The Art of a tournament is full kombat and with a K. I remember watching ‘Enter the Dragon’ and how this movie introduced martial arts and one form called kung fu too mainstream. The speed, the style and the phenomenon called Bruce Lee. And what continued along was the philosophy as well. That’s for some other time. I want to get your attention to Bloodsport. The vehicle that shot the career of one Jean Claude Van Damme. J.C.V.D has had a long but semi-illustrious career yet he was once a household name. I recently came across the fact that JCVD appeared in the practice suit for the initial shots of the Predator. But it was the art of Bloodsport that garnished in his flexibility and flexed his muscles to the big screen. He had already not made a mark for himself as a breakdancer in the background, but there was much more to come. No Retreat No Surrender introduced his splitting style to the screen but BloodSport set the wheels in motion.
JCVD plays Frank Dux a U.S Army Captain deserts his unit to go to Hong Kong. He is trained in the art of Ninjutsu and intends to participate in a secret underground full combat competition called Kumite. Frank wants to honour his sensei (who lost a son previously to the tournament) and Dux has a history with the Tanaka clan. He arrives at the tournament where he befriends an American Fighter and a local agent before entering a tournament. He also rescues a beautiful reporter who wants to know more about the tournament and its functioning. The tournament, its participant especially one Chong Li form the crux of the players representing different styles. Chong Li is the former winner of the tournament (Portrayed by Bolo Yeung, who steals his lines from Bruce Lee) forms an antagonistic relation with Frank. The final showdown between Frank and Bolo is worth.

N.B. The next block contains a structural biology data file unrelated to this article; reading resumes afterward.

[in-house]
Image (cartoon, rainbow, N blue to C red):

The story of an underground tournament has appeared numerously on screen, which could be why Frank made up a story as well. But this movie was more about Marketing and Jean Claude Van Damme. The movie was yet another B-movie in making with the mix of Hollywood and Asia amongst the numerous projects, Chan was already making his mark in China and was soon to go global. Hollywood already had a definition of its quintessential action stars in Arnold, Sly, Bruce Willis and many more. And popped up a JCVD, he had the martial arts style, he had the good looks and the action star poster boy physique. This resulted in the marketing campaign which worked across the East. Having Bolo Yeung amongst the midst was a blessing as well. This must have worked well during promotions as well. The blend of martial arts and competition on screen has been around for a long time. The westernization occurred after Lee stormed the U.S and global box office. Chan would follow suit, but he had a very different blend of martial arts and humour. BloodSport has a story weaved around a competition with blood, guts and glory. And this was followed by Kickboxer before Van Damme became the Universal Soldier with a Hard Target. This kind of story is very linear in format and always needs to have a very positive feel to it. The characters will seem one dimensional but its always the action which works, yet many sequels that followed didn’t do well. Even a JCVD directed version starring an additional Roger Moore didn’t do well. Some films need to be around a specific place and time and just work right. A sequel to Hard Target or even Time Cop may not work. Maybe a reboot could do the trick but not the sequels. BloodSport was no Rocky or The Champion but still, you enjoy the last bout. And it’s got a nice soundtrack on the ears as well. Just like a few from the Synth age of the 80’s. But that’s for another day.
By Screen Jives